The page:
African Continental Free Trade Area entered in force on January 1, 2021

#freetrade #africa #ACFTA #international #geopolitics


On January 1, 2021, the African Continental Free Trade Area officially entered into force, involving 54 African nations (excluding Eritrea) and 1.2 billion people.


The decision to establish an internal free trade area was taken at the extraordinary summit of the African Union on 21 March 2018 in Kigali (Rwanda). The treaty was then signed in Niamey, the capital of Niger, in July 2019.


The agreement provides for the progressive harmonization of customs and tariff regimes, as well as the abolition of duties on 97% of goods by 2030, to which the current eight regional economic blocs in Africa will have to be compliant: EAC (East African Community), ECOWAS (Economic Community of West African States), CEN-SAD (Community of the Sahel-Saharan States), AMU (Arab Maghreb Union), ECCAS (Economic Community of Central African States), IGAD (Inter-Governmental Authority on Development), COMESA ( Common Market of Eastern and Southern Africa) and SADC (Southern African Development Community).


According to a report published by the World Bank, the AFCTA will increase internal trade between African countries, leading to a 7% growth in African global income by 2035, with an estimated increase of 450 billion dollars. An expansion of production in Africa of 212 billion dollars is also expected (147 billion in services, 56 billion in manufacturing and 17 billion in raw materials). The Agreement will also have positive repercussions for the rest of the world, contributing 76 billion dollars to the benefit of world GDP.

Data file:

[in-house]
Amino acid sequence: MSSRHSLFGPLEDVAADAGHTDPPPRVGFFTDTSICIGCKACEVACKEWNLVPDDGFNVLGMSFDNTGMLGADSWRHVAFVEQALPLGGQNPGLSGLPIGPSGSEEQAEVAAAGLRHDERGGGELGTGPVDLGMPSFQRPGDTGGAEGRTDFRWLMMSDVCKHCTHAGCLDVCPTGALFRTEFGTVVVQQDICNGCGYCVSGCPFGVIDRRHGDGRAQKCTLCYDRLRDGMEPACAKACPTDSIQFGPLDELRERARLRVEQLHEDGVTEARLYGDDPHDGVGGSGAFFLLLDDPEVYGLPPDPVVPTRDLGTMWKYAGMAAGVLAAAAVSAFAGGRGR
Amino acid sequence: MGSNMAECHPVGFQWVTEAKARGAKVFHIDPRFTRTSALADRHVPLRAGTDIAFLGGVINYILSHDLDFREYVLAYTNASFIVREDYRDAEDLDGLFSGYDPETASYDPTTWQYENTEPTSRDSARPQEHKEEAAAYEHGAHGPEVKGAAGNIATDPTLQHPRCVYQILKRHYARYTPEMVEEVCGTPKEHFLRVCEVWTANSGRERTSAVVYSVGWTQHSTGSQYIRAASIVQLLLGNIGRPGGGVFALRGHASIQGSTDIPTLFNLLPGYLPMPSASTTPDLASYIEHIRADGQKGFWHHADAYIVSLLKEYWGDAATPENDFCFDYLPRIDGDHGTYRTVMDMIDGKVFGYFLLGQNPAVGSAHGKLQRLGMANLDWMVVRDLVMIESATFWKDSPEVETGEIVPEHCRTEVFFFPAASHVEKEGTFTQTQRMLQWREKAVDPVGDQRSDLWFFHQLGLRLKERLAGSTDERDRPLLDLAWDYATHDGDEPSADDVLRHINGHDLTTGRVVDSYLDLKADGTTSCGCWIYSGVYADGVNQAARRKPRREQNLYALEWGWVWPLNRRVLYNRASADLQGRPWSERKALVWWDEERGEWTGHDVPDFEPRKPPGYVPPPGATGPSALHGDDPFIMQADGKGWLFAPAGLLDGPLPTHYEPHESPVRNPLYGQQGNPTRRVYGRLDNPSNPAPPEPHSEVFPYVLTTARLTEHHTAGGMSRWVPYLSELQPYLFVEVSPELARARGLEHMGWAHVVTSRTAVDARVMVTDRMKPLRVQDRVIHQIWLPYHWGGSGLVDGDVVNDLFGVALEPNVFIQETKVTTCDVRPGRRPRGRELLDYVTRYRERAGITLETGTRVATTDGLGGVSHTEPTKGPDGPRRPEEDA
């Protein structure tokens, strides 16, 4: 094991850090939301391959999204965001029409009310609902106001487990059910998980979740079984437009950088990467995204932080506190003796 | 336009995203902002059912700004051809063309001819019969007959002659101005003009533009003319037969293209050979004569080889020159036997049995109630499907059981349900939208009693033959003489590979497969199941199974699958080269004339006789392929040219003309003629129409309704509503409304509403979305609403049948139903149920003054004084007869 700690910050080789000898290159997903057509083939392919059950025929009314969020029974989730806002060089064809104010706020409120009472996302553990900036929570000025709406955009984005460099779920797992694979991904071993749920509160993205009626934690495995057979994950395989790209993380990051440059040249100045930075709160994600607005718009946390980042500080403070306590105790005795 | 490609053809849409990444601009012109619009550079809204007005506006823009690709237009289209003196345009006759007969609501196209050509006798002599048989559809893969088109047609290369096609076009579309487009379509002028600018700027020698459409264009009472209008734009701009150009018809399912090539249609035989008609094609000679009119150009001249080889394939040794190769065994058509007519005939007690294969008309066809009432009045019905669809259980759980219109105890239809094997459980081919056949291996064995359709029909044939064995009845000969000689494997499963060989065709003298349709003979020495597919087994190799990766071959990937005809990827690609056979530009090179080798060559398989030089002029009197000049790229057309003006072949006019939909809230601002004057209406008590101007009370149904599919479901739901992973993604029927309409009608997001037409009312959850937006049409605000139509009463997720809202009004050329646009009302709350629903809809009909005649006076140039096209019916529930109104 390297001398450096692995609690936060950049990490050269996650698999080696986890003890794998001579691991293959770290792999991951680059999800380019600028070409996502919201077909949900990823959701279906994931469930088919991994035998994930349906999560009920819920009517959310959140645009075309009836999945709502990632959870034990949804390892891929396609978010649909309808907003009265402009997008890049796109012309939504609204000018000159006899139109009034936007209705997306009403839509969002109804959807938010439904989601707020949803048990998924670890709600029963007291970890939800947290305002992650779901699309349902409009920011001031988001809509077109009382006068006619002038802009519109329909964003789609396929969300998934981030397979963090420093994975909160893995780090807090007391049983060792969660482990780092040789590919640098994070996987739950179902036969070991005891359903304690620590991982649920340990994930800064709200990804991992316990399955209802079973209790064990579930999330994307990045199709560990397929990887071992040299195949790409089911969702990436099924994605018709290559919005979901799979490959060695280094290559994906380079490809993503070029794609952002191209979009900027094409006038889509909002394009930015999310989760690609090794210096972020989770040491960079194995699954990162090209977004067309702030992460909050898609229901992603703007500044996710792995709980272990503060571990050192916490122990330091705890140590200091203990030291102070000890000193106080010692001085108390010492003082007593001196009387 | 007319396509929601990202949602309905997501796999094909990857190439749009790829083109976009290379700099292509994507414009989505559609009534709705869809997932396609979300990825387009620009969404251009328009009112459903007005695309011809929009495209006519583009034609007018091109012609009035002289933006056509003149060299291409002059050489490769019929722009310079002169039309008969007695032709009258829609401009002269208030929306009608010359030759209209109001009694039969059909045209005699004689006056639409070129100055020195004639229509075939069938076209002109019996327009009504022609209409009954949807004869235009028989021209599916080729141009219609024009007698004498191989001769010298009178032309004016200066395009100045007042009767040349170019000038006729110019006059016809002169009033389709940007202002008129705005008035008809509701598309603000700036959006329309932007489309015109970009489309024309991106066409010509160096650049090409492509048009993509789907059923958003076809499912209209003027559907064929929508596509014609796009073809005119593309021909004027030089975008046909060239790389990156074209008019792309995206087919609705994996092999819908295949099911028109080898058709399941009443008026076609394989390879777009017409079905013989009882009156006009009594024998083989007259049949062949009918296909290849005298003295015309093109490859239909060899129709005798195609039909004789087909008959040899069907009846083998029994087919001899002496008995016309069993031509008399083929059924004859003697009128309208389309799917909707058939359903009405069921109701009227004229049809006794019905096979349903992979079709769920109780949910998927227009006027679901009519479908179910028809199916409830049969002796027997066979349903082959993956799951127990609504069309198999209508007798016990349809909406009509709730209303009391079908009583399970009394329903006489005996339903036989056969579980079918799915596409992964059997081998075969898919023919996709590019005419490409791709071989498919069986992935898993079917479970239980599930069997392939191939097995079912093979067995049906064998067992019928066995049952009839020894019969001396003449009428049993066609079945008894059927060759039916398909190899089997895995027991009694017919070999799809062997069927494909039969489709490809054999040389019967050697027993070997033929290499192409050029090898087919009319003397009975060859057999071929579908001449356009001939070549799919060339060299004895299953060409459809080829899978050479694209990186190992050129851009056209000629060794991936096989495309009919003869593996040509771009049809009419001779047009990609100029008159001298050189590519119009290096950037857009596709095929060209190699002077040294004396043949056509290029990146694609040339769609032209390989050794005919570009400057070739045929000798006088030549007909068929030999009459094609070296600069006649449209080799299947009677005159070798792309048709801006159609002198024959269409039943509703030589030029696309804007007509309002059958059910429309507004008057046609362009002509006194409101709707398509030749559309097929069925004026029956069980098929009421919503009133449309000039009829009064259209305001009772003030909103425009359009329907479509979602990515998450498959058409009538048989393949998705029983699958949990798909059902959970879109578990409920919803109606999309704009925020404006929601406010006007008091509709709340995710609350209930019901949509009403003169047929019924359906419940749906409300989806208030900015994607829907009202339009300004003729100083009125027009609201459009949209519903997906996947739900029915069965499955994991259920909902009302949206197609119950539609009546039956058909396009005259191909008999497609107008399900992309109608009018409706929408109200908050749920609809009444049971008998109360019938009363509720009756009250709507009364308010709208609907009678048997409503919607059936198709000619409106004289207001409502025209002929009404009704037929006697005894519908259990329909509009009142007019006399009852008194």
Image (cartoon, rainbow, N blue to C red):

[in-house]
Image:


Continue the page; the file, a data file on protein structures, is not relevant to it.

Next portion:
The African Continental Free Trade Area will be crucial for a post-pandemic economic recovery from Covid-19, which led to a loss of 79 billion dollars in Africa in 2020.


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Il 1° gennaio 2021 è entrato ufficialmente in vigore l’African Continental Free Trade Area che coinvolge 54 nazioni africane (ad esclusione dell’Eritrea) e 1,2 miliardi di persone.


La decisione di istituire un’area interna di libero scambio era stata presa al vertice straordinario dell’Unione Africana del 21 marzo 2018 a Kigali (Ruanda). Il trattato era poi stato siglato a Niamey, capitale del Niger, nel luglio 2019.


L’accordo prevede la progressiva armonizzazione dei regimi doganali e tariffari, nonché l’abolizione dei dazi sul 97% delle merci entro il 2030 a cui si dovranno adeguare gli attuali otto blocchi economici regionali in Africa: EAC (East African Community), ECOWAS (Economic Community of West African States), CEN-SAD (Community of the Sahel-Saharan States), AMU (Arab Maghreb Union), ECCAS (Economic Community of Central African States), IGAD (Inter-Governmental Authority on Development), COMESA (Common Market of Eastern and Southern Africa) e SADC (Southern African Development Community).


Secondo un rapporto pubblicato dalla Banca Mondiale, l’AfCTA aumeterà il commercio interno tra i Paesi africani, portando ad una crescita del reddito globale africano del 7% entro il 2035, con un aumento stimato di 450 miliardi di dollari. È attesa anche una espansione della produzione in Africa per 212 miliardi di dollari (147 miliardi in servizi, 56 miliardi nella manifattura e 17 miliardi nelle materie prime). L’Accordo avrà ricadute positive anche per il resto del mondo, contribuendo con 76 miliardi di dollari a beneficio del PIL mondiale.


L’African Continental Free Trade Area sarà cruciale per una ripresa economica post pandemica da Covid-19, che ha portato nel 2020 all’Africa una perdita di 79 miliardi di dollari.


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